Echoing Boden’s concerns, Chris Novak, CEO of CropLife America, says the online sale, handling and delivery of agriculture chemicals raises significant stewardship questions and requires understanding of federal and state law. “We’re beginning to hear stories and we’re looking for data on counterfeit ag products sold online. It’s a major concern that speaks to farmer loss, quality control and lost sales for the industry.”
“There is certainly opportunity for farmers to purchase online, but if they end up with any problems that result in damage to crops, they may not be able to resolve these issues by going back to the company or the sales rep. An online purchase can mean farmers give up some of that access to service. It is important that consumers consider this factor,” Novak adds.
“There’s been a lot of fearmongering from the existing channels,” says Baron. “We, frankly, find it ridiculous.”
Consolidation and Crystal Balls
The number of major market players on center stage continues to shrink, and further consolidation is an incessant concern for farmers. How might an expansion of online retail affect future consolidation? Todd Janzen, attorney with Janzen Ag Law, says the legal spillover from e-commerce is a likely road to turmoil, at least in the short-term. “It doesn’t take a crystal ball to see the big online issues stacking up. If farmers can go online and see that they’re being price-gouged, it’s going to create waves. Zone pricing, seed rebranding, and now seed sales are all related to transparency. Traditional agribusiness has consistently moved toward consolidation, but these online players have definitely upset the traditional apple cart.”
“Agriculture is headed for a wild time of anti-trust questions, regulatory issues, transparency factors and Amazon.com comparisons, and it all connects with online ag retail,” Janzen continues. “Who can say that even more online ag companies won’t pop up and what happens then?”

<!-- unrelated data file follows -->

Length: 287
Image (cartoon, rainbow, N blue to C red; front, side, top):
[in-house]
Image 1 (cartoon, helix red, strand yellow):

Selection will play a counterbalance role, notes Reichert. “There are so many products out there that struggle to get in front of growers because they don't come from one of the top manufacturers. Traditionally e-commerce in other industries has given rise to these lesser-known brands, which slows consolidation and creates more product diversity.”
Networking, in tandem with online retail, is a vital counterweight to consolidation, according to Baron. “Who really believes there’s not more consolidation coming in all aspects of agriculture? Farmers have to connect to gain market strength with independent genetics, price transparency and lower cost technology. Selling online is just one piece; farmers need to network to drive deep market transformations.”
The torrent of change is so rapid that Garner declines to make a 10-year prediction, but says online ag retail could boomerang on consumers and spark another level of consolidation: “I think the successful online ag retail sites may eventually be purchased by established manufacturers and retailers. What’ll happen if you can just go buy UN-32 from Walmart?”
“You have to be willing to recognize change,” Garner concludes, “because there is one thing for certain in agriculture: Nothing remains the same.”